The presence of another car next to the burning one was worrying, but we could not, obviously, stop and gawk at the scene…so on we went, wondering if the firemen would douse the other car, at least, before it, too, caught fire.

The burning car was well and truly alight (I got these photos from a quickly moving car):

brng car clsup 160711 stl

How ironic that next to it is a sign that says “Icehouse”, and promises 24 oz. cans at less than a dollar each!

I looked in the local newspaper today, but there was no news about this, so I guess this is going to be an incident about which I will never know anything more…but I am still speculating about what happened…before, and after, we were briefly at the scene.

Songs the Nations Sing

July 15, 2011

Sometimes I feel that patriotism, or its negative form, jingoism, causes a lot of strife in this world. We are , I think, now so interconnected that surely we don’t belong to just ONE country any more? I feel just as comfortable in Europe or the US or in Africa, because I do feel that people are the same everywhere…it’s just that customs may differ, and appearances. But the emotions and ties that bind us, the thoughts and ideas that move us, seem to be much the same all over the world.

However, the love of the county one was born in (or more importanly, grew up in) seems to be such a lovely thing, and nowhere have I seen a better demonstration of it than here in America, when their

National Anthem, the Star-Spangled Banner

is sung….

In vocal, here:

(several celebrity singers have sung can google for them)

and with instrumentals here:

The not-so-good part about the lyrics, of course, the references to war and rockets and perilous fight and bombs bursting…in this sense I love the Indian anthem, which is more exalted and which rather pragmatically describes the diversity of India.

Most public gatherings still start with the rendition, and it is moving to watch the entire audience on their feet, singing. The wonderful part is that almost every American places hes hand over hes heart as s/he sings. I cannot sing this anthem, but I am moved by the rendition each time, as I am by the love of the country that I see all around me, as the Americans sing.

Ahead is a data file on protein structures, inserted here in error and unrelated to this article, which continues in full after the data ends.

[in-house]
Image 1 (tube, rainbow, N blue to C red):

Now this is definitely a practice that, I feel, should be re-introduced in India. For many years, we had

Jana Gana Mana

played at the beginning or end of plays and movies.

Here’s the version (instrumental) that used to be played (with that billowing flag!):

When did we stop the practice? I used to feel unhappy at seeing people walking and sidling their way even though the anthem was playing. Perhaps the lack of respect given to the anthem was instrumental in its rendition being stopped?

Here is one rendition:

One by various musicians, with A R Rahman:

If we truly do love and respect our country of birth and life, surely we can take three minutes to stand respectfully when the anthem is sung, and reflect on what our mother has given us. Patriotism is not only cheering the cricket team on… consists also of these moments of silent reflection, of these occasions when the person sings with the heart as well as the voice, praising the nation and revering its flag.

I wish there were now a global song…perhaps We Are The World would be a fitting World Anthem?

Here’s a rendition by some well-known singers, including the two who wrote the song

It moves me without fail. I don’t propose to go into the issues of different countries, different languages, different cultures. Each national anthem is so beautiful, and surely no one could ever choose one above all others…so I feel a global anthem would be best.I would love a global anthem that exalts what is good, without referring to strife or war or poverty, or need…. just as the Indian anthem does.


July 14, 2011

dbl rnbw 120711

Sometimes two and sometimes one…the effect of the rain and sun.

sngl rnbw stl 120711

You need the rain and the sun, too; that’s the beauty created by two!